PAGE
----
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My Country ‘Tis of Thee

President’s Day brings about a better appreciation for America’s great leaders of the past, as well as highlighting the tremendous sacrifices our ancestors experienced. Here are some outstanding new publications on the subject that are good for ages nine through adult.

The first five books are part of a wonderfully engaging historical fiction series, “Dear America”, that helps brings history to life for ages eight to twelve. The Winter of Red Snow (The Diary of Abigail Jane Stewart), by Kristiana Gregory, is a captivating story that takes place at Valley Forge in 1777 during the height of the Revolutionary War.  A Journey to the New World, 1620 (The Diary of Remember Patience Whipple), by Kathryn Lasky, showcases a twelve-year-old pilgrim girl traveling across the Atlantic on the Mayflower and of all the difficulties and triumphs she experiences on sea and land. Like the Willow Tree:  Portland, Maine 1918, (The Diary of Lydia Amelia Pierce), by Lois Lowry, tells about a very different kind of life back in the early 20th century. Young Lydia and her brother are recently orphaned from an epidemic that prevailed over the eastern coast during 1918 and they go to live with their uncle. His way of life is completely different from theirs as he is a Shaker. They must deal with their grief as well as this unusually simple way of life. Voyage on the Great Titanic (The Diary of Margaret Ann Brady), by Ellen Emerson White, takes young Margaret on this most adventurous and life-threatening trip where she nearly loses her life. The Fences Between Us, Seattle, Washington, 1941 (The Diary of Piper Davis), by Kirby Larson, contains many complicated difficulties that Americans dealt with during World War II. Piper’s brother is stationed at Pearl Harbor when the Japanese attack. Her father is a Baptist minister to many Japanese living in the community and now they are being shipped to an internment camp. And this is just the beginning of the story. All of the “Dear America” books contain fascinating historical notes, photographs and maps found at the back of each book.

Alexander Hamilton:  The Outsider, by Jean Fritz, gives an amazing account of this brilliant, loyal citizen who was actually born in the West Indies. This biography covers the young Alexander, his move to America, his assignment to be Washington’s Aid-de-Camp, his time as the Secretary of the Treasury, and finally his tragic and sudden demise. There are linocut drawings sprinkled throughout by Ian Schoenherr as well as interesting notes found at the back of the book.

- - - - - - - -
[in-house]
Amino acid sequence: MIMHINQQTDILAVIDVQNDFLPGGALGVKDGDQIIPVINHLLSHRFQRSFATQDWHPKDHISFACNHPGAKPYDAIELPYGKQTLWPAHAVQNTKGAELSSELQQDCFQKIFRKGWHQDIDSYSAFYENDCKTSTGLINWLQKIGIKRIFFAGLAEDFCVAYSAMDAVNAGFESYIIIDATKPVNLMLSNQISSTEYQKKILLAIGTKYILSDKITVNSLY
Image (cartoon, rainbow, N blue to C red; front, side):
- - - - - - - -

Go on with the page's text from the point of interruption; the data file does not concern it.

The Ride:  The Legend of Betsy Dowdy, by Kitty Griffin, and illustrated by Margorie Pricemen, is an oral fable that has been passed on since America became a nation. When young Betsy first heard that the redcoats were coming to her area in North Carolina she knew she had to alert the freedom fighters. And that’s when her treacherous horse ride began. The brilliant illustrations seem to fly along with the text reverberating the spirit and speed of the ride.

George Washington’s Spy, by Elvira Woodruff, is a time-travel adventure featuring the same protagonist kids as they travel back to the Revolutionary War where they become involved with patriot spies. This sequel to “George Washington’s Socks” is a great introduction to many of the events that surrounded this war and will keep kids engaged to the end!

Lincoln Tells a Joke:  How Laughter Saved the President (and the Country), by Kathleen Krull and Paul Brewer, and illustrated by Stacy Innerst, is a picture book that demonstrates how this great president dealt with great adversity through humor. His love of words and jokes often times turned into some hilarious and diffusing storytelling. The amber and earth tone hues strike a hometown chord which enlivens the man into reality.

Lincoln’s Flying Spies:  Thaddeus Low and the Civil War Balloon Corps, by Gail Jarrow, is a non-fiction that highlights a little know fact about how Mr. Low flew hydrogen-filled balloons over battles and sent word to Lincoln. The photos, maps and illustrations sprinkled throughout enhance this fascinating piece of history.

Just in Time, Abraham Lincoln, by Patricia Polacco, is a picture book with two boys travelling back in time where they find themselves at Antietam Battlefield. What they witness there, as well as their experiences with Lincoln, brings about an awareness and greater appreciation for their current-day lives. This award-winning author continues her tremendous storytelling style that will surely touch many lives.  And her delicate portrayal of death is appropriate for a child’s grasp.

Profiles: The Civil War, by Aaron Rosenberg, is a non-fiction that focuses on the six main people that affected and changed the events of this devastating war:  Abraham Lincoln, Frederick Douglass, Clara Barton, George McClellan, Robert E. Lee and Mathew Brady. This kid-friendly account is filled with photos, maps and more.

The Battle of Nashville, by Benson Bobrick, is another non-fiction that takes you through the most decisive battle of the Civil War and will surely help with understanding the attitudes and decisions that the major players made. Original documents, photos and more are found throughout this amazing book.

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